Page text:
Small Business: Powering the Canadian Economy
By Robert King | July 1, 2013
Small business owners play an essential role in moving Canada forward. They are risk takers, they are inventors, they are community builders - but perhaps the most important title a small business owner holds is "job creator."
Forty-six percent of Canada's private sector workforce is made up of small business employees. That's 5.1 million Canadians who count on a small business for their livelihood.
The small business job market felt the impact of the global economic downturn acutely. The Statistics Canada data shows us that there were more than 600,000 small business jobs lost in 2009 alone.
The good news is that Canada's entrepreneurs have turned the corner. Small businesses created almost 140,000 new jobs in 2010 and 2011 combined.
An Engine for Growth
A new Intuit Canada survey shows promising signs that this positive momentum will continue, with a majority (65%) of small businesses indicating they are either actively growing or looking for growth opportunities:
- 32 per cent indicate they are in a "growth stage," with 10 per cent of these saying they are "growing considerably."
- 33 per cent report they are holding steady, but looking for growth opportunities.
There is also a strong appetite for small business job creation in the year ahead:
- Nearly one-third (31%) of small business owners indicated that they will be hiring within the next year.
- The majority (52%) of small businesses in the "growth stage" plan to hire over the next 12 months.
Yet while small business job creation is moving in the right direction, the Intuit survey identified some clear opportunities to accelerate job creation.
Obstacles to Hiring
The survey reveals that small business owners fear that there is a skills shortage in the workforce. Forty-five percent of those planning to hire in the next 12 months indicate they will struggle to find people with the right skills.
In some instances, small business owners could better leverage the full range of tools at their disposal. For example, small business owners are more than twice as likely to make a hiring decision based on word-of-mouth (68%) than they are by using online tools, like LinkedIn (31%). In addition, small business owners are often unaware of the costs associated with on-boarding a new employee. Only 27% of small business owners had a good sense of the cost, suggesting that it would be $4,000.00 or more to bring on a new employee.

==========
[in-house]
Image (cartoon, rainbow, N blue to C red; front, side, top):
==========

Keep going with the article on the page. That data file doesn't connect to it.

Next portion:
Managing the complexities of a growing staff and a payroll are the next hurdle.
A third of small business owners don't have a good grasp on the costs associated with managing payroll expenses, such as EI premiums. Furthermore, three-in-five (61%) are unaware of the temporary Hiring Credit for Small Business - a federal government credit that offers up to $1,000 to help a small business cover its EI premiums.
While small business job creation is clearly moving in the right direction, there is a clear need to create even more net new jobs if we are to truly recover from the losses of the great recession.
By providing education and resources for small businesses to better manage the process of hiring an employee end-to-end - from recruitment, to on-boarding, to managing the complexities of payroll - we can provide a much needed boost to the small business job market.
Note: Research conducted from May 9th to 13th, 2013 by Angus Reid Public Opinion. A national sample of 505 small business owners completed the survey. All respondents were small business owners with 100 or fewer employees and had been in business for at least one year. To find more small business resources from Intuit Canada visit blog.intuit.ca